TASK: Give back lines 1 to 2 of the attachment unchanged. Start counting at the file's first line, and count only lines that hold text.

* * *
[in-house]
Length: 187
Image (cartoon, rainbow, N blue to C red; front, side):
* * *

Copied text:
[in-house]
Length: 187